A brief warning over length - this is a long piece to read, so when you click through to the original article, you might like to grab yourself a drink and settle back(!)
From the conclusion:
On this basis it may make sense for Nokia to provide some form of option for sharpness handling. For arguments sake let’s call it sharpness with at least two options, one being high or enhanced (the current) with another being low, minimal or natural. This setting would provide roughly the net level of sharpening applied to the full resolution images but for 5mp oversampled images.
The goal I would recommend being skies with little/zero noise and no obvious sharpening artefacts when viewed at 100-200% when using 1x zoom. Based on my limited and restricted Photoshop trials, this should provide ‘808 like’ image quality, possibly even slightly more detail than the 808 in some situations. What’s your view?
In low light, I think Nokia already has the balance about right for sharpening, detail and noise handling where it seems a significantly lighter touch has been applied to sharpening. My above recommendations are therefore for good ambient lighting levels and enjoy the benefits OIS provides in low light.
You may be wondering, of the outlined recommendations, which would I use myself? For colour handling, in most situations I probably would use the default (although ideally as said with a little less saturation/colour vibrancy) but at times change across to a more natural setting.
With regard to sharpening, I would use the setting which provides the lowest sharpening, for me, I like the low/zero noise and smooth clean details the 808 produced, even if the images ‘look’ less sharp at lower viewing magnifications. However, I can also see for ‘snapshots’ myself using the super sharp setting. Viewed on our projection screen at home, they do look rather awesome!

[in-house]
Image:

Which would I use, 808 or 1020? Definitely the 1020, even as it is today.
I love it (especially in yellow! :-)
In summary, although the default characteristics and settings in the Lumia 1020 camera don't appeal to Damian in all circumstances, it does seem as though he's coming round to accepting the mass appeal of greater colour and edge enhancement, for on-screen viewing. He feels that with a little software enhancement to add saturation and sharpness controls, plus the fixing of the 'yellow cast' issue, the Lumia 1020 could well be the perfect camera phone. He factors in the excellent video capture too, something which I highlighted here in text and here in video form.
He emphasises the relatively early state of the Lumia 1020's Nokia Pro Camera software - and in fairness, the Nokia 808's camera application took a couple of updates to be really reliable/consistent.
Thanks to Damian for writing the editorial and to Marc for hosting it!